Bright Matrices

Writings & musings of Mike Zavarello (a.k.a. brightmatrix), a "red mage" web developer.

Category: How-to

Key Elements for Measuring Your Social Media Campaigns

Now that social media channels like Twitter and Facebook have matured into solid communications platforms, many individuals, organizations, corporations, and agencies have taken to these channels to reach their audiences. What hasn’t quite solidified, however, is how these campaigns are tracked and measured. There’s still a decent amount of confusion and differing opinions of what you should measure and how.

In this post, I’ll share several factors, methods, and steps that I’ve learned this year about how you can effectively and realistically measure your social media campaigns. This isn’t intended to be a complete or exhaustive list of what you could use, but it’s my hope that each topic will assist you in your endeavors.

Define Your Goals and What Constitutes Success

Before you pursue any coordinated effort in your social media channels, think very carefully about your goals and what constitutes success for you. Remember, you cannot measure success (or anything at all, for that matter) if you don’t have defined goals up front or have an unclear vision of what defines a successful venture.

  • Expectations: Set the expectations of the campaign early and often. Make sure the goals and definitions of success can be precisely tracked, measured, and reported on. Build a communications strategy and make sure everyone who will be involved in the campaign has read and understood it completely. If you’re simply testing the waters of a specific social media channel or experimenting with a new approach, that’s perfectly fine, but make certain everyone understands that, especially those in charge.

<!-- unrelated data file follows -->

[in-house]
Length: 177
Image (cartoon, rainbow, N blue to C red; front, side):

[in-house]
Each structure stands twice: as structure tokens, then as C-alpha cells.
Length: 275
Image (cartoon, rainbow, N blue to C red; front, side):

• Timeframe: Think about the timeframe of your efforts. What is the life expectancy of the campaign? Is it a short-term promotion, a webinar, conference, or event with specific dates, a brand awareness effort, or a marketing campaign to raise awareness of a cause or resource? Will you announce the effort ahead of time so users are prepared to take action, such as a “save the date” for events? How will you build interest and sustain momentum over the course of the campaign? What are your plans for retiring the campaign once it’s complete? Have you considered follow-up activities like a user satisfaction survey?
  • Transactions: Work out which transactions will define a successful campaign and stick with those decisions throughout the effort. How is the campaign intended to affect your transactions? Are you seeking to drive more traffic to a specific website, blog, or web-based application? Do you want a certain number of users to sign up for a promotion, event, or product trial? Do you want them to buy something? Think about “goal conversions”: the action(s) you want your users to make, and the end result(s) you want from them.
  • Return on Investment (ROI): ROI is a classic business metric, but it’s one that’s generated a lot of heated discussions when it relates to social media. Whenever you think of ROI, it should always boil down to money: hard dollars and cents (or euros, sterling, yen, etc.). Did your campaign generate enough revenue to justify its cost (marketing materials, agency fees, manufacturing costs, etc.)? Did you increase sales of a product or service? Did your transactions balance out the (estimated) hourly rate of the staff spent managing, tracking, and measuring the campaign? You don’t have to always sell something to determine ROI; in essence, you’re figuring out whether the campaign was worth the effort, but that worth has to be a financial measurement.